The following year, Florine and his brother, Henry and friend Bob Worthham established the Three Aces Hunting Camp in Lake Arthur.  Word traveled fast—Florine was highly sought after.  Everyone wanted to hunt with Florine Champagne.  Among some of the big names that hunted with Champagne were Franklin Roosevelt, Irvin Cobb, Babe Ruth, Ted Williams and plenty more.  It was reported that Champagne was a better shot with a .22 rifle than most with shotguns.
In 1922, millionaire cattleman, Jim Gardiner hired Florine Champagne as a fulltime guide and for the next two years Florine shot trap with sportsmen at Gardiner’s club.  Everyone was impressed with his shooting and urged Florine to enter competitions.  He always refused until one day someone offered to pay his way to the Southern Zone Trap Championship in Atlanta.  The veteran competitors wondered who was this Frenchman duck guide from Louisiana.  They were amused by his old-fashioned, long Tom Winchester Model 12 shotgun.  They all laughed about Lake Arthur.  “Where is this Lake Arthur?” they asked repeatedly.   By the end of the week all of their questions were answered and Florine Champagne was never unknown again.
Florine returned home to Lake Arthur a regional celebrity.  He was heavily recruited by Remington and Winchester for their exhibition shooting teams.  They were told that he was a marsh man and would remain in his beloved Louisiana.  However, he didn’t stay away from competition.  He entered and won local, state and regional shoots.  Huge crowds were in attendance each time cheering him on.  Besides an expert shooter, Florine was a recognized duck caller and wooden decoy maker.  He took the title at the first international duck calling championship held in 1947.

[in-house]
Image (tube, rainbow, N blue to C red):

Sixty-two years of reckless abuse of wading in the icy marsh had finally taken its toll.  Florine had developed crippling arthritis, which ended his guiding career forever in 1936.  As the disease worsened, he could neither stand upright to shoot or walk without great difficulty.  By 1951, he was reduced to the role of a front-porch legend.  Some of the old-timers would stop by and they’d reminisce about the days of old.  That same year, wealthy oilmen from Jennings, Louisiana, decided to throw a grand celebration to commemorate the fiftieth anniversary of the Louisiana oil industry.  A trap shoot would be the centerpiece of the festivities.  All of the area’s best shooters would compete in the Jubilee shoot.
Florine’s son, Russell, made him a wooden stool which his father could shoot from.  One of Florine’s old competitors and organizer of the Jubilee shoot invited his friend to come early and take some free practice shots.  “I don’t need no practice shot,” answered Florine firmly.  Word quickly spread, a huge crowd of spectators assembled to see the old shooter in action.  Time finally came; it was Florine’s turn to shoot.  Florine’s son helped position his father on the stool and handed him his long Tom Winchester Model 12 shotgun.
Almost immediately after Florine called out “Ready!” the first clay pigeon raced out of the trap.  Florine reacted and squeezed the trigger.  Bam!  The bird floated by and landed harmlessly in one piece.  Everyone eyed the ground, young and old alike crossed their fingers and said a silent prayer.  “Ready!”  The second bird raced out.  Bam! The pigeon turned to powder.  The third bird raced out.  Bam! It too turned to powder.  The fourth flew out.  Bam! Powdered.  Eyes lifted, fingers uncrossed and prayers stopped but the incredible shooting exhibition continued and Florine Champagne never missed again.  He won the Golden Oil Jubilee—it was a Triple Crown: singles-doubles and overall.  In 1966, Florine “Pie” Champagne finally surrendered to time.
 
Non-fiction
 
William J. Thibodeaux lives in Lafayette and can be reached at wjthibodeaux@yahoo.com  Checkout more stories at: williamstories.com